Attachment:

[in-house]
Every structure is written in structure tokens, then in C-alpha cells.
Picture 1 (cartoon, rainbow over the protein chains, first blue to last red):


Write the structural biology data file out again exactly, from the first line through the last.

[in-house]
Every structure is written in structure tokens, then in C-alpha cells.
Picture 1 (cartoon, rainbow over the protein chains, first blue to last red):